There were a few quiet, reflective moments on the Reign, riding over babbling brooks and such. They didn’t last long, though, because I was having too much fun ripping it up. || Photo: Stuart Kernaghan
The place where the Reign performed best was on classic B.C. cross country trails: rooty, twisty, slightly rocky ribbons of singletrack through the woods. Trail noise virtually disappeared under the Reign, I was able to get the bike up to speed and keep it there without having to kill myself, and it handled very, very well – once I made some adjustments to the cockpit (more on that below).
I also found that I used the ProPedal setting on the fork quite regularly. Switching from minimum to maximum efficiency ensured that there was very little, if any, wasted energy on climbs. It didn’t make the rear end of the bike feel dead, though, and there was more than one occasion that I left the bike in the maximum ProPedal setting after the trail started heading down, only to realize I’d done that when I stopped for a break.
It’s not all gravy
As much as I’ve enjoyed riding the Reign 0, there have been a few issues. Thankfully, most of them are minor and relate to spec. And admittedly, some of them are personal issues that riders on a size M or L frame, or riders who live in a less technically demanding region, may not experience.
The first issue I had was with the 680mm-wide bar and 100mm-long stem. The bar was too narrow for a bike this size. Larger bikes mean larger riders with wider chests and shoulders, and that should also mean a wider bar. Cutting a bar down is fairly simple, but it’s hard to make one wider. The 100mm stem was too long for technical cross country riding in B.C., and made me feel like I was dangerously close to going over the front on steeper terrain. I replaced the stock bar with a 710mm wide bar, and after trying several different options, settled on a 70mm stem with an 8º rise.
Second, I had supply my own chainstay protector. Sure, it only cost $15, but the last thing you want to do after dropping $3,600 is shell out more on something that the bike should come with in the first place.
The third thing that I ran across was the Shimano chain. Not a problem in and of itself, unless you want to take off the chain and clean the drivetrain really well. A SRAM chain with a removable master link would have been much more convenient.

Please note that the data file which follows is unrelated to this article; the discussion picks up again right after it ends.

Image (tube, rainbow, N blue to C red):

Fourth, the single-ply Kenda Nevagals are prone to pinch flats on rockier terrain. They’re great on loamy singletrack or fire roads, but forget bombing down a trail filled with baby heads. I assumed that this was only going to be a problem for larger riders until a friend of mine who’s at least 80lbs. lighter than I am got a flat with the same rubber. Switch out the rear tire to something with a double-ply sidewall if you’re riding in the rocks.
Lastly, and perhaps most significantly, was the fork choice. The bike itself, with the aggressive tires, confident ride, excellent rear suspension, and the right bar and stem combo, begs to be ridden hard. Around here, that means steep, technical terrain with lots of rocks, roots, small to medium sized drops, and fast corners – even on cross country trails.
The 140mm Fox RL fork and corresponding standard quick-release front wheel did an admirable job of handing pretty much everything I threw at it, which was quite a lot in retrospect considering that I weigh about 240lbs. all geared up, but there were a several times on the trail when I wanted more. More stiffness and more travel (and the slacker head angle that could come from a longer fork) would have been welcome in steep chutes, larger roll-overs, rockier lines, and more technical terrain.
Steep lines like this left me feeling as though I was tipping forward, in spite of my long arms
and a shorter stem. || Photo: Vicki Cunningham
Always one to experiment a bit, I swapped out the stock 140mm fork with a standard quick release for a 160mm fork with a 20mm thru axle. That one change transformed the Reign from a bike that is very capable in most situations to one that can be ridden anywhere.
Doing so combines the benefits of the Reign’s light weight and everything that comes with that with a slacker head angle, a taller front end, and a stiffer front end. Things that I would have ridden around with the stock fork were a non-issue.
Yes, you could go with the Reign X, Giant’s freeride bike, and get a long-travel fork out of the box but you’re also adding some serious weight to the package. A size M Reign X 1 is more than 37lbs – seven pounds heavier than the XL Reign 0 – and that defeats the whole idea behind a lightweight all-mountain rig.
Adding a beefier fork to the Reign 0 made it possible to take on things like this. || Photo: Vicki Cunningham